Most Americans agree – Barbecue is one of the nation’s favorite foods and an important staple at any patriotic celebration meal. What Americans cannot agree on, however, is what exactly defines barbecue. Barbecuing almost always refers to a method of slow-cooking meat over fire, but as barbecue has spread across the country numerous variations have evolved. From the meat to the sauce and even the sides it’s paired with, the definition of “barbecue” has come to depend largely on geographical location. Here are some of the regional variations of barbecue across America. Wondering where to get the best BBQ? Read on.
Memphis, Tennessee is arguably America’s barbecue capital. As host to the World Championship Barbecue Cooking Contest, Memphis boasts countless award-winning barbecue restaurants and has developed a style all its own. Though any type of meat can be used in Memphis barbecue, it usually refers to pork – served pulled or as ribs. Dry barbecue is the star in Memphis; the meat is coated with a spice mixture, cooked in a smoker until tender and then served with its sauce on the side. Sauce here is a thin, tangy vinegar and tomato mixture. Memphis barbecue is served with mayonnaise-based slaw on the side. For an outstanding Memphis barbecue experience, check out Charles Vergos’ Rendezvous downtown or Central BBQ at several locations across the city.
Just like most other Texan things, Texas has a unique style for its barbecue. Appropriate for a state known for its cowboys, Beef is king in Texas, and most Texan barbecue joints specialize in beef brisket and ribs. Most Texans like their barbecue served with no sauce, or “market style.” Texas’s sauce, when they decide to use it, is thin and tomato-and-vinegar-based. Texas barbecue is not usually served with slaw; the focus here is on the meat. For an authentic Texas Barbecue experience, visit The Salt Lick in Driftwood, TX or Luling City Market in Houston, TX.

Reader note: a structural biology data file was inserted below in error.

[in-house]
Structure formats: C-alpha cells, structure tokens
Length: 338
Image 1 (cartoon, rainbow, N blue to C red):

Kansas City Barbecue
Barbecue in Kansas City can be any type of meat – pork, beef, chicken, turkey, mutton, or even fish; but what makes Kansas City style barbecue is its sauce – a thick, sweet tomato- and molasses-based sauce. Kansas City residents slow smoke their barbecue and serve it heavy and smothered in sauce. Kansas City’s barbecue is served with a side of slaw that is very sweet and very creamy. To sample some authentic Kansas City barbecue, check out Fiorella’s Jack Stack BBQ restaurant or the original Kansas City staple Arthur Bryant’s, which has been open since the 1920s.
North Carolina Barbecue
North Carolinians are fiercely proud of their barbecue recipe, which is different from any other location in the country. North Carolina barbecue is pork-based and served with a vinegar-based sauce. In central and western North Carolina, pork shoulder reigns and barbecue is served pulled. The sauce has ketchup in it in addition to vinegar. In the eastern part of the state, barbecue restaurants serve every part of the pig from the shoulder to the rib and the sauce is completely vinegar-based with no tomato. Carolina barbecue is served alongside slaw that has been seasoned with North Carolina-style barbecue sauce. To sample some of North Carolina’s best barbecue, check out Skylight Inn in Ayden, where you can taste Eastern-style barbecue. If you want to try the Northern and western style of barbecue, check out the classic Lexington Barbecue in Lexington, NC.